When Senator Robert Byrd, a Democrat from West Virginia, passed away, he opened up his seat for the first time in over 50 years. With every major Senate vote hinging on one or two swing votes, the status of Byrd's seat could have huge consequences for everything from financial regulatory reform to energy reform. Who will take over for Byrd and what difference will that make?

  • No Election Until 2012, Unless GOP Challenges Ruling The Washington Post's Chris Cillizza writes, "West Virginia Secretary of State Natalie Tennant (D) announced this afternoon that a special election to replace the late Sen. Robert Byrd (D) will be held in 2012, not this fall as some had speculated. ... Democrats had predicted Tennant's decision, insisting the law was clear and citing a 1994 case decided by the state Supreme Court that affirmed the idea of a delayed special. It's not immediately clear whether Republicans -- either at the state or national level -- will challenge Tennant's ruling."
  • State Will Hold Two Elections for One Senate Seat? Doug Mataconis tries to puzzle it out. "Basically what this means is the Governor of West Virginia, Democrat Joe Manchin, will be able to appoint a place holder to fill the seat who will serve from now until after Election Day 2012, at which point the winner of the 'Special Election' for Byrd's seat will become Senator and will hold that seat until January 3, 2013 when the winner of the General Election also held on Election Day 2012 will take office." He adds, "Sound confusing ? Yea, well it is."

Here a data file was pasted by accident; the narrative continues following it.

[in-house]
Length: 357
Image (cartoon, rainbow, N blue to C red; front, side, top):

• Who WV Gov Could Appoint as Interim Senator Hotline's Reid Wilson predicts, "The most floated names include state Senate Pres. Earl Ray Tomblin, state Dem chair Larry Puccio, ex-state Dem chair Nick Casey, former top Manchin aide Carte Goodwin and ex-state Supreme Court Justice Richard Neely. That caretaker would step aside for Manchin in '12. Manchin is hugely popular, giving Dems a strong chance to keep the seat even as WV trends away from them at the presidential level. But GOPers aren't going to roll over and let Dems keep the seat they've held since Byrd beat then-Sen. Chapman Revercomb (R) in '58."
  • WV Gov Wants to Run in 2012 The Atlantic's Marc Ambinder writes, "Make no mistake: West Virginia Gov. Joe Manchin, a Democrat, wants to run for Senate in West Virginia, so he will likely appoint someone to fill Robert Byrd's seat who does not harbor additional ambitions. West Virginia is a weird state. The Democratic and Republican benches are very limited. Rep. Shelley Moore Capito, a Republican, would be the logical choice to challenge Manchin, but she's got a good shot at becoming governor if Manchin runs for Senate."
  • Good News for Dems ABC News explains, "Democrats nationwide are breathing a sigh of relief. They already face a tough slate of elections come November. Adding in a special election in socially conservative West Virginia, even if the Democrats there were favored, would have drained more resources and attention at the national level."